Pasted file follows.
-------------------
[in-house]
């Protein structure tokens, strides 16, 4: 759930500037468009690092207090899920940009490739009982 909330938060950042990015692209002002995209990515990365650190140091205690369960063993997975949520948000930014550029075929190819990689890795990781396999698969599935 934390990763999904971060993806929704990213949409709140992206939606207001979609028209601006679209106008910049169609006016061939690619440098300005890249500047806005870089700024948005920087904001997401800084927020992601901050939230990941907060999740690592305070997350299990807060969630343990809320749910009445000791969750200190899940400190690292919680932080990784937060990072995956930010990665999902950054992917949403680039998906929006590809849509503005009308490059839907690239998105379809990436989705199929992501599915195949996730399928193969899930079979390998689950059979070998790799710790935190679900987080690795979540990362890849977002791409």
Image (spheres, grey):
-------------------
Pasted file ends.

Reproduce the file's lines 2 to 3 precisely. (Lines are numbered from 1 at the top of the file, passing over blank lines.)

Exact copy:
């Protein structure tokens, strides 16, 4: 759930500037468009690092207090899920940009490739009982 909330938060950042990015692209002002995209990515990365650190140091205690369960063993997975949520948000930014550029075929190819990689890795990781396999698969599935 934390990763999904971060993806929704990213949409709140992206939606207001979609028209601006679209106008910049169609006016061939690619440098300005890249500047806005870089700024948005920087904001997401800084927020992601901050939230990941907060999740690592305070997350299990807060969630343990809320749910009445000791969750200190899940400190690292919680932080990784937060990072995956930010990665999902950054992917949403680039998906929006590809849509503005009308490059839907690239998105379809990436989705199929992501599915195949996730399928193969899930079979390998689950059979070998790799710790935190679900987080690795979540990362890849977002791409």
Image (spheres, grey):